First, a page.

ONE/4 Planetary Orbits
STEP ONE: Determine the number of potential orbits by rolling on table 1.4.1.
STEP TWO: Determine the mean distance of the orbits by consulting the formulae under 1.4.2.
STEP THREE: Remove all impossible orbits. This includes any orbit which would put a planet within a star's radius or so close as to vaporize it, and any orbit which is unstable in a binary system (between the binary's closest separation / 3 and the furthest separation x 3 distance). Worlds may orbit both stars in a binary, if the more massive companion has any orbits generated beyond the furthest separation distance x 3. Only consider such orbits for the more massive companion. For white dwarves, remove all orbits within the limit provided by table 1.4.3.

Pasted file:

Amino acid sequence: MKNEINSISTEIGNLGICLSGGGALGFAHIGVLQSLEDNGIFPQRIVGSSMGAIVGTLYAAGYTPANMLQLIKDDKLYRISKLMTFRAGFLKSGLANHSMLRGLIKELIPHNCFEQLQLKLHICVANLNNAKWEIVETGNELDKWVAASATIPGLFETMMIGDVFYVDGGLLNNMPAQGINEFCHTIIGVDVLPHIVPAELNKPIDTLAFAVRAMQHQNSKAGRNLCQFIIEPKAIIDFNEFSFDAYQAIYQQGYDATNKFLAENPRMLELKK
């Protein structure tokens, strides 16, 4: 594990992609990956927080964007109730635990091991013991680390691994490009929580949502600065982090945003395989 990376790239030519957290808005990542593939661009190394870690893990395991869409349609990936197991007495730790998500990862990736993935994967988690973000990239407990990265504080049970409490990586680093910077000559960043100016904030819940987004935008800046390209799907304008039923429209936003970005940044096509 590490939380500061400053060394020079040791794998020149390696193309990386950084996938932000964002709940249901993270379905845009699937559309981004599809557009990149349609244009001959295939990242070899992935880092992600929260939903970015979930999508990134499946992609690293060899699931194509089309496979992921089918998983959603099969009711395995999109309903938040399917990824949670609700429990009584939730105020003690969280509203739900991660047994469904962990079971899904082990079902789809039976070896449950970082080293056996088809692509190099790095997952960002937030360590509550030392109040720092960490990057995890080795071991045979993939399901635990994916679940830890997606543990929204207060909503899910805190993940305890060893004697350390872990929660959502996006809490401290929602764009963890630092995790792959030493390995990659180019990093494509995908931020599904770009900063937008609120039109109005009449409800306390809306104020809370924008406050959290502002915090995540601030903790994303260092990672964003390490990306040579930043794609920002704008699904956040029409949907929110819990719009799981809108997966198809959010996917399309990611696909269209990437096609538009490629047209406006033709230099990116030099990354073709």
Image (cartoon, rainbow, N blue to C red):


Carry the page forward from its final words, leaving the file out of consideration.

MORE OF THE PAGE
STEP FOUR: Remove all orbits where a planet would be vaporized, according to the formulae in 1.4.4. Also, determine the limit of the original inner system. Note this limit, it will be used in the next section.
INNER SYSTEM ZONE:
The area of the stellar system where the early system is too hot to allow icy planetoids. Inner system objects thus have higher density and mostly consist of silicates and metals, while the area outside is more dominated by frozen water and gasses.
STARS WITHOUT PLANETARY ORBITS:
There may be some other objects around these stars, typically either a few icy chunks in distant random orbits (1d10 x 1d10 AU) or more rarely a captured planetoid. Captured planetoids have eccentric orbits (1D10 AU) and may be of any general planet type. Some planetless stars have very sparse "rings" of chunks of debris:
If any orbits where removed by the binary effects, the system is likely to have a fair deal of stray asteroids and debris.